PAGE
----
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SBIR & the difference between a Federal Government grant and contract

Posted by Mike Anderson on Fri, Jun 07, 2013 @ 11:26 AM

Many times when I talk with small businesses, they don't fully understand the difference between a Federal Grant and a Federal Contract. It is important for a small business to completely understand if their government funds are coming from a grant or a contract.  The terms and conditions surrounding each have somewhat unique requirements that may have implications on how the business handles the award and, in particular, the accounting related to that award. 

The Government defines the difference in fairly easy to understand terms (for the government) at the grants.gov website:

A Grant is an award of financial assistance, the principal purpose of which is to transfer a thing of value from a federal agency to a recipient to carry out a public purpose of support or stimulation authorized by a law of the United States (see 31 U.S.C. 6101(3)). A grant is distinguished from a contract, which is used to acquire property or services for the federal government's direct benefit or use.

So, in essence the Federal Government is expecting something to be delivered from a contract, either a good or a service.  A grant, on the other hand, usually doesn't expect a deliverable. Pretty simple, right?  Let's look at the SBIR program for a minute.  There are 11 agencies with budgets; (Defense{DOD}, Health {NIH}, Energy {DOE}, Aeronautics & Space {NASA}, Science {NSF}, Agriculture {USDA}, Education {ED}, Homeland Security {DHS}, Transportation {DOT}, Environment {EPA} and Commerce {NOAA & NIST}).  Of those 11 agencies, a little over half are what is called contracting agencies and the remainder are considered granting agencies (where most of their awards are grants, not contracts).  Yet, the SBIR program is fairly uniform in it's objectives.  The primary differences can be summarized as follows:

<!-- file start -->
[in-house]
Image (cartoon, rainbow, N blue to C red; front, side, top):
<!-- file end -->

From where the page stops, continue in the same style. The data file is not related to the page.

Contracting Agencies

Granting Agencies

   
Highly focused topics Less specific topics
More fiscal requirements More flexibility in use of funds
Procurement Mechanism for some agencies Assistance mechanism

 

 

 

 

 

 

 

The requirements for the awardee's accounting system vary somewhat as well.  While all the agencies tend to like the same type of job cost accounting system, some agencies are more strict about having the awardee follow complex guidelines in their accounting practices.  Again, those tend to line up along the difference between contracting and granting agencies with contracting agencies expecting more from their awardees and going to greater lengths usually to verify this.  It is fairly interesting to note the differences when comparing all agencies in a chart (based on 2012 numbers):

 

DOD

NIH

DOE

NASA

NSF

USDA

ED

DHS

DOT

EPA

NOAA/NIST

SBIR

X

X

X

X

X

X

X

X

X

X

X

STTR

X

X

X

X

X

           

Contract (CO)

Grant (GR)

CO

GR

(some CO)

GR

CO

GR

GR

GR

(some CO)

CO

CO

CO

CO

Approx SBIR/STTR

Budget

$1.1B

$717M

$188M

$162M

$151M

$19M

$13M

$13M

$9M

$5M $5M

 It is always best to check with an expert when a company moves from one agency to another for an award or from one type of award to another type of award.  This will help ensure that the company can comply with all the government regulations and be successful.

Topics: SBIR, Federal Government, Government Contracts, Grants